I think we need to keep all of those options (since they already exist).
Each of them has its advantages/disadvantages.
I agree with the proposed changes and emphasize that stacks don't have
the following properties:
- requireSso (see
I would like to hear some feedback here from Max and Snjezana.
On 02/28/2013 08:05 PM, Fred Bricon wrote:
> I mostly agree with the changes you described. Here's my 0.02€ :
> - I strongly believe runtimes should be split into different stacks
> descriptors, but I don't like the idea of having to maintain a fork of
> the JDF one. We should only add extensions (old AS'es, seam, ESB ...).
> - I believe the merge all stacks descriptors in one metamodel should be
> done in stacks client. I know Raphael kinda started working on that a
> few months back, he probably can give us his insight.
> - runtimes in stacks could list their managing JBT plugins in the
> labels property : i.e if ESB runtime can be downloaded, but no ESB
> plugin is installed, the we'd be able to discover both the runtime AND
> its associated plugin
> Le mercredi 27 février 2013 18:22:35, Rob Stryker a écrit :
>> Regarding Stacks, Runtimes, and Remote Descriptors
>> Hi All:
>> This email is to try to begin discussion on some recent duplication of
>> code and responsibilities, which should probably be fixed before
>> things get too comfortable. I'm speaking specifically about the role
>> of discovering runtimes to download, where that's done, how that's
>> done, and which responsibility belongs to who. Forgive me if the email
>> is long, as I am trying to be thorough.
>> Currently, there are three places from which runtimes to download may
>> be discovered.
>> 1) base/runtimes has an extension point named downloadRuntimes, which
>> is used by AS Tools and Seam Tools (and perhaps others).
>> 2) a remote descriptor file which acts as a second arm of 1) and is
>> basically an xml form of 1) used to dynamically add new runtimes as
>> they become available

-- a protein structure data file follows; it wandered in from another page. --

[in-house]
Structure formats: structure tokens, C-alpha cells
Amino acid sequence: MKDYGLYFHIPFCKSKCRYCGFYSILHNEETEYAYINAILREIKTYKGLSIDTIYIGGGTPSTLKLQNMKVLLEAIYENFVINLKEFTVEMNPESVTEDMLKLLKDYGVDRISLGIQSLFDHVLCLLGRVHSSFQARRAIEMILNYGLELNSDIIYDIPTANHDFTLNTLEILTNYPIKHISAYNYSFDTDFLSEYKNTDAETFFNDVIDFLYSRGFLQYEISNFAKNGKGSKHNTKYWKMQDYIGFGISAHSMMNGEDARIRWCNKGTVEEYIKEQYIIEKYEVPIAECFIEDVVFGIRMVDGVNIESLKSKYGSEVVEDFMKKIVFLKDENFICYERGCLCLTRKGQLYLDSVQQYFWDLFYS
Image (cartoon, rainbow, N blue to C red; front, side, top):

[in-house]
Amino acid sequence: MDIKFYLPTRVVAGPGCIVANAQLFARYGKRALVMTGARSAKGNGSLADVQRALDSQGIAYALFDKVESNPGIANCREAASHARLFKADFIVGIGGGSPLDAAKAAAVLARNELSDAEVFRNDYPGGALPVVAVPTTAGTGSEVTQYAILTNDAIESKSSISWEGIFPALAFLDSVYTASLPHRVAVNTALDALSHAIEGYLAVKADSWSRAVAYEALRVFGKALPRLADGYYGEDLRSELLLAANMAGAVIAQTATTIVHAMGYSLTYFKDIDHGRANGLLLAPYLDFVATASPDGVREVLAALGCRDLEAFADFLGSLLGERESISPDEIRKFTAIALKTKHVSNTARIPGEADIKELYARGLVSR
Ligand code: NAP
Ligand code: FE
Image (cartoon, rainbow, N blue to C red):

>> 3) The new Stacks methodology, currently stored in
>> We should begin unifying these three locations into one, but the goal
>> is to do it correctly. So, I would first like to list the benefits of
>> a) downloadable runtimes provided through the extension point cannot
>> be removed without a maintenance or major release of some type, and
>> for this reason are semi-permanent
>> b) downloadable runtimes available via the remote descriptor file may
>> be added OR removed at will. This provides flexibility and
>> post-release updates are easy.
>> c) The new stacks section has a more robust model capable of providing
>> more information than the downloadable runtimes does. However, the
>> plugin requires several libraries and is currently placed in the
>> jboss-central module, where others may not make use of it.
>> d) the Stacks yaml file does not provide a place to access the file
>> size for the download, however it does provide a 'labels' section,
>> which seems extendable to add whatever properties you may want to add.
>> At first glance, it seems that Stacks is the superior framework. It is
>> extensible, it can have unlimited labels (aka properties) if desired,
>> and it already provides more information which is usable to others who
>> may want it. To make use of stacks inside Runtimes, however, we'd
>> either need to:
>> a) Expand the API in runtimes to allow other plugins (like in
>> central) to provide downloadable runtimes, or,
>> b) Push 'stacks' out of central and down into runtimes, as its own
>> plugin upon which runtimes.core and runtime.ui can depend.
>> The main negative of pushing stacks into base/runtimes, in my opinion,
>> is that there are a significant number of libraries required. It's not
>> too much, by far, but it is about 7 jars totalling about 1 megabyte.
>> Whether these jars belong in base/runtimes is debatable, and currently
>> we do not have a "3rd-party dependencies" section in base where we
>> organize common dependencies and versions together so that each plugin
>> doesn't need to bundle their own 3rd party libraries. I admit, this is
>> a debate for another time, but, I just wanted to point out that
>> pushing the stacks logic down into runtimes would be another example
>> of this issue.
>> Even still, I would argue that we should push stacks into its own
>> small plugin below runtimes, deprecate the "downloadRuntimes"
>> extension point, and the online downloadRuntime.xml (wherever the file
>> is, I forget).
>> However, once we do that, there are many more questions. The first is,
>> who's job is it to provide the yaml file from which stacks are generated?
>> Currently there is only one yaml file, and it is referenced directly
>> via a github url. Aside from how (IMO) this is fairly crazy in itself,
>> it causes another problem. The stacks client jar *can* cache the yaml